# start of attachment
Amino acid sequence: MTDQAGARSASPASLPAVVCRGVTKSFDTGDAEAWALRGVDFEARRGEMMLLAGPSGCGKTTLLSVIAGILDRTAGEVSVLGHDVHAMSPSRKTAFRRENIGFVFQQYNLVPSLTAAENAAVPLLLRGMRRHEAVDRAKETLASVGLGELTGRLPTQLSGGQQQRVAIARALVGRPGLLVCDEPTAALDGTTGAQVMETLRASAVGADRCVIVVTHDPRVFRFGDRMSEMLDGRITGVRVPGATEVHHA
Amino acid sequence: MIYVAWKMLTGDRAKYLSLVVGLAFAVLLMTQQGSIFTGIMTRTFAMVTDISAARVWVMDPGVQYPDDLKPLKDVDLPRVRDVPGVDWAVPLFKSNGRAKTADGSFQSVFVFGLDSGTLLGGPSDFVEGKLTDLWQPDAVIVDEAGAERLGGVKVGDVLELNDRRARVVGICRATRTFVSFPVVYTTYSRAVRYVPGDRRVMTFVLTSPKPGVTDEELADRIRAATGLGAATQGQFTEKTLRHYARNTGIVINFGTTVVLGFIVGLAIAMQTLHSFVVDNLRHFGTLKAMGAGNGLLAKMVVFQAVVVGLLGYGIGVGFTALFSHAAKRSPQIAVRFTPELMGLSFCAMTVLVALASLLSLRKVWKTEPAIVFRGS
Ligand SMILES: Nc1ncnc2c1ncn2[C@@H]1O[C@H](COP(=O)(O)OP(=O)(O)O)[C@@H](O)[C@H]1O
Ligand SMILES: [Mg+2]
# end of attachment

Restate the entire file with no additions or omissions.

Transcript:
Amino acid sequence: MTDQAGARSASPASLPAVVCRGVTKSFDTGDAEAWALRGVDFEARRGEMMLLAGPSGCGKTTLLSVIAGILDRTAGEVSVLGHDVHAMSPSRKTAFRRENIGFVFQQYNLVPSLTAAENAAVPLLLRGMRRHEAVDRAKETLASVGLGELTGRLPTQLSGGQQQRVAIARALVGRPGLLVCDEPTAALDGTTGAQVMETLRASAVGADRCVIVVTHDPRVFRFGDRMSEMLDGRITGVRVPGATEVHHA
Amino acid sequence: MIYVAWKMLTGDRAKYLSLVVGLAFAVLLMTQQGSIFTGIMTRTFAMVTDISAARVWVMDPGVQYPDDLKPLKDVDLPRVRDVPGVDWAVPLFKSNGRAKTADGSFQSVFVFGLDSGTLLGGPSDFVEGKLTDLWQPDAVIVDEAGAERLGGVKVGDVLELNDRRARVVGICRATRTFVSFPVVYTTYSRAVRYVPGDRRVMTFVLTSPKPGVTDEELADRIRAATGLGAATQGQFTEKTLRHYARNTGIVINFGTTVVLGFIVGLAIAMQTLHSFVVDNLRHFGTLKAMGAGNGLLAKMVVFQAVVVGLLGYGIGVGFTALFSHAAKRSPQIAVRFTPELMGLSFCAMTVLVALASLLSLRKVWKTEPAIVFRGS
Ligand SMILES: Nc1ncnc2c1ncn2[C@@H]1O[C@H](COP(=O)(O)OP(=O)(O)O)[C@@H](O)[C@H]1O
Ligand SMILES: [Mg+2]